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ASERT has compiled resources for those with autism and those who care for people with autism relating to the current COVID-19 outbreak.
The Diagnostic and Statistical Manual of Mental Disorders (DSM) is the guidebook used by clinicians and researchers to diagnose mental disorders in children and adults. The new guidebook, DSM-5, contains significant changes to the criteria currently used to diagnose autism, including incorporating several diagnoses (Autistic Disorder, Asperger’s Disorder, Pervasive Developmental Disorder Not Otherwise Specified) into the single diagnosis of autism spectrum disorder (ASD). The new criteria for ASD are based on research and expert opinion and are intended to more accurately and consistently diagnose children with autism. AACAP has developed a list of Frequently Asked Questions about these changes to help families understand the impact they may have on children with autism.
No. The exception would be if there were reasons to reconsider the original diagnosis for your child. For example, re-evaluation is sometimes needed if treatment is not going as well as expected. In the absence of a reason to reconsider the original diagnosis, a diagnostic re-evaluation is not necessary.
The new criteria are intended to include individuals who currently have a diagnosis of Autistic Disorder, Asperger’s Disorder, or PDD-NOS. If your child has not had a diagnostic evaluation, his or her physician or psychologist can help you to obtain one. Evaluations are best performed by a child and adolescent psychiatrist or psychologist who has experience in evaluating children for ASD and integrates information from a variety of sources.
As noted above, unless there is a clinical reason, your child should not require a re-evaluation. Because they account for both current and historical symptoms, the revised ASD criteria can help ensure that your child retains a diagnosis even if supports and services are effectively addressing symptoms. In other words, a clinician can support the continuation of services by documenting that the target ASD symptoms benefit from the service(s).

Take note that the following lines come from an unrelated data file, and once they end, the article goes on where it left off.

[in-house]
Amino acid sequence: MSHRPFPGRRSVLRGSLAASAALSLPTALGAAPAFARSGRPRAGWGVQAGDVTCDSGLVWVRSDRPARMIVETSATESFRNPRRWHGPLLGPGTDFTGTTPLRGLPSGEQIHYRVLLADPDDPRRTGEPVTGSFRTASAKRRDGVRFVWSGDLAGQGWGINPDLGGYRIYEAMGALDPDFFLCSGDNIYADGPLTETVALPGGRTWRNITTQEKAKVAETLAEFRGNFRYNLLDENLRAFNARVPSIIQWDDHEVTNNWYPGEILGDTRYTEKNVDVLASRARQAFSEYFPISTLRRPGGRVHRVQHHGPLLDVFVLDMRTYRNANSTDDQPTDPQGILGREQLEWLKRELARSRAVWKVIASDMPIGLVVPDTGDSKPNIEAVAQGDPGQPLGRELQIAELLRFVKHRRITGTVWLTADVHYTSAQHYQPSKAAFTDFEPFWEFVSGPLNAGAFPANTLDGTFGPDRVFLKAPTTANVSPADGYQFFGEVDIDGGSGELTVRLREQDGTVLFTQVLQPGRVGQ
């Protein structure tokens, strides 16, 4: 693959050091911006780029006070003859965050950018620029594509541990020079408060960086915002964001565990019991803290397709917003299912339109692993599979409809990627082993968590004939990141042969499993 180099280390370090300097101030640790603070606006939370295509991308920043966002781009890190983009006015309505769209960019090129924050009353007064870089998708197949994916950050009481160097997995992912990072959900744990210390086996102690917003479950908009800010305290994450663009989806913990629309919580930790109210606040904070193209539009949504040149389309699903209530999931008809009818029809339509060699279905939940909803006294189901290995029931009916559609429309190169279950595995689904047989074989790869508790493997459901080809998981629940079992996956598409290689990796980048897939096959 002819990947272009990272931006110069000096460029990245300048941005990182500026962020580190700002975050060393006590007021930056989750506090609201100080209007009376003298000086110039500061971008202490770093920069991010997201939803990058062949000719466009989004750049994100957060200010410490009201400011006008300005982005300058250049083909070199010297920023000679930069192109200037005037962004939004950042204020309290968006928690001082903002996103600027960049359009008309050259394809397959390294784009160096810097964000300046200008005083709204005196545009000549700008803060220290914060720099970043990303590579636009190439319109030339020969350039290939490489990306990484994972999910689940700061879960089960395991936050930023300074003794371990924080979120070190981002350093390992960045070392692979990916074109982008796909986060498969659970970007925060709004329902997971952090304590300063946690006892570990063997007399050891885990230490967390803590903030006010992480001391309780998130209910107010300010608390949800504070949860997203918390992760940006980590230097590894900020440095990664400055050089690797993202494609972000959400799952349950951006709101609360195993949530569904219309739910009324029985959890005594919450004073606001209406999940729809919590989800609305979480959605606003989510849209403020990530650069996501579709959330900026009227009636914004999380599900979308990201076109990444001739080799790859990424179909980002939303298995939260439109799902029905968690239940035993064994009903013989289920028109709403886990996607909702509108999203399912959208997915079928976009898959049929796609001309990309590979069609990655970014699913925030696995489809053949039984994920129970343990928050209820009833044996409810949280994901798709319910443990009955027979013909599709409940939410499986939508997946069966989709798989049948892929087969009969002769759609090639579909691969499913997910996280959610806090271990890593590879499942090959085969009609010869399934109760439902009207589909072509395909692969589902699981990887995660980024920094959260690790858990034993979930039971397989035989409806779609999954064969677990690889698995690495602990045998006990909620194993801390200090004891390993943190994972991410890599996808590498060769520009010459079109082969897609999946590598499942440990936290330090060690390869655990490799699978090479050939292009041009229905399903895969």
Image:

Social Communication Disorder includes difficulties in verbal and non-verbal communication and is distinct from ASD. Some children, for example, have social communication difficulties including getting too close to people when they speak, not modulating their voice, and not taking turns in conversation. The diagnosis of Social Communication Disorder will allow these difficulties to be recognized as a focus of treatment. A diagnosis of Social Communication Disorder is only considered for children who have social communication problems, but do not meet the criteria for ASD.
No. The new criteria will not be different for girls versus boys, but they are designed to be more sensitive for detecting ASD in girls than the DSM-IV-TRcriteria.
Yes, existing diagnostic tools will likely be updated.
Yes, the DSM-5 criteria were created to be more sensitive for detecting ASD in these populations. Larger-scale studies using the new criteria will be necessary to confirm whether the new criteria are more sensitive across diverse backgrounds. As with any disorder, the clinician should be sensitive to the culture of origin.
No. Although these symptoms are common and concerning, they do not preclude the diagnosis of ASD per the DSM-5 criteria. In other words, DSM-5diagnosis of ASD is independent of these variables (as were the DSM-IV criteria, with the exception of Asperger’s Disorder).
Children will be diagnosed based on the new ASD criteria; however, clinicians can now specify medical and neurological disorders that may explain a child’s ASD diagnosis. Physicians can now specify, for example, whether ASD is associated with a genetic disorder.
No. The DSM-5 ASD criteria are designed to recognize ASD even in the presence of other disorders. Further, the DSM-5 is more flexible than the DSM-IVwith respect to diagnosing co-occurring disorders in children with ASD. For example, the new criteria permit the diagnosis of both Attention Deficit Hyperactivity Disorder (ADHD) and ASD in persons affected by both disorders.
This resource created by AACAP Autism and Intellectual Disabilities Committee